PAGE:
Illinois finally lives up to preseason billing in feel-good win over UNLV
Up and down all season, Illinois appears to be clicking at the right time of the year
Led by four seniors, Illinois finally played up to its potential in a big win over UNLV
After beating one ex-coach, Illinois will have to do it again Sunday against Kansas
TULSA, Okla. -- With just over two minutes left Friday, Bruce Weber pulled Demetri McCamey and Mike Tisdale to the bench. Fans cheered as the Illinois seniors shared hugs, high fives and smiles for a blowout win.
They were both back in the game 14 seconds later, after UNLV sliced into the lead.
"They went on a little run, and we were maybe a little nervous," Tisdale said. "Now, it's funny. At the time it wasn't."
It's been that kind of season for Illinois, and especially for the seniors. Ninth-seeded Illinois dropped No. 8 UNLV 73-62 to advance to a Sunday date with top seed Kansas. Despite that late surge by the Rebels, the game wasn't nearly that close. And afterward, all four Illini seniors shared a postgame TV interview and reveled in the moment.
"We showed tonight we can play," Tisdale said. "We're a good team, we've just got to play like it."
That's what was expected when the season started, back when Illinois fancied itself a Big Ten contender. But after starting 13-3, the Illini lost 10 of their next 16, kept finding ways to cough up leads, and the only thing consistent about them was their inconsistency.
During that hot start, they'd beaten North Carolina, and lost to Texas in overtime, and the biggest concern might have been how in the world they used a women's basketball -- yes, that's correct -- for the first seven minutes, 22 seconds of a win over Oakland. A few weeks later, though, Weber was pulling out motivational gimmicks, traditional and not so much. He benched McCamey and Tisdale. He put the players' names back on their jerseys. One evening, they all played Wiffle ball. What they didn't do for any length of time was play good basketball.
"It's been up and down, win a game, lose a game," Tisdale said.
It's been 2 ˝ months of wobbling. After a disastrous come-from-ahead loss to Michigan in the first round of the Big Ten Tournament -- the Illini were up 12 with 8:38 left -- they waited anxiously on Selection Sunday, uncertain if they would make it into the field. No one knew what to expect once they did.
Certainly not this.
"Tonight we were consistent," Weber said. "We played at a high level."
The maligned group of seniors led the way. Mike Davis scored 22. McCamey added 17. Tisdale and Bill Cole supplied emotional energy. And Illinois won its first NCAA tournament game in four years.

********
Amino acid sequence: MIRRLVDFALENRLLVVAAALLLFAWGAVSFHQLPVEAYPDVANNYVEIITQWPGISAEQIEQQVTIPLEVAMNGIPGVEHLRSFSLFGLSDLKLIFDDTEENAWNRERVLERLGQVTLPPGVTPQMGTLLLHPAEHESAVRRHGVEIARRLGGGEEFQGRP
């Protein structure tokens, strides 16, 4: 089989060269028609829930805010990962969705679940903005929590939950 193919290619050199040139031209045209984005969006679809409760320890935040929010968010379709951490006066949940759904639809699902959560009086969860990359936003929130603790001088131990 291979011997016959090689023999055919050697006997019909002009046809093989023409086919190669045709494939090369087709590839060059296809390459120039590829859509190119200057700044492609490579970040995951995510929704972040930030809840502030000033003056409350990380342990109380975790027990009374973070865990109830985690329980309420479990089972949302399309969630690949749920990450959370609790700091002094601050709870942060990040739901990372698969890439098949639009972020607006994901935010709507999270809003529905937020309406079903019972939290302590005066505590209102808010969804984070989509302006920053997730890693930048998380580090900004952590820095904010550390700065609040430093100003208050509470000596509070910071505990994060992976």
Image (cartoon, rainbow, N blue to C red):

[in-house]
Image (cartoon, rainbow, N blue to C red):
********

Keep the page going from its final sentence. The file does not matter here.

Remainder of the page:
"It was big for all of us," Tisdale said.
Surprising for all of them, too, was the method. In a reversal of pregame expectations -- UNLV was supposed to cause all sorts of trouble with its fast pace -- the Illini ran their former coach's team out of the arena. In the first half, when it mattered, here was how it went: UNLV clanged a 3-pointer. Illinois raced downcourt. Layup. Repeat.
"The Illini were the much better team," UNLV coach Lon Kruger said.
The lead was 22 by halftime. And in huddles during timeouts, Tisdale kept telling his teammates: "Keep your foot on the pedal." By the second half, UNLV was so discombobulated that at one point, the Rebels started play after a timeout with only four players.
Speaking of missing players, Illinois freshman Jereme Richmond didn't play; the key reserve was suspended for violating team rules. Weber wouldn't say whether Richmond would be reinstated for Sunday's game against Kansas.
Now the Illini are on to face another former coach, Bill Self. That's a difficult proposition even without the history. In 2003-04, his first season after replacing Self at Illinois, Weber got tired of the constant comparisons and said:
"I'm going to throw a funeral. It's the end of Bill Self. It's over. There's no more comparing. He's gone. No more talking about it. I'll be honest, I'm fed up with it."
Seven-plus years later, he didn't bite.
"I'm just worried about Kansas," he said. "That's what I'm really worried about, their players, seeing if we can match up with them."
If this team shows up, who knows?
"Everybody will forget about what you do at the beginning of the season or the Big Ten season," McCamey said, "if you go out and win in March."
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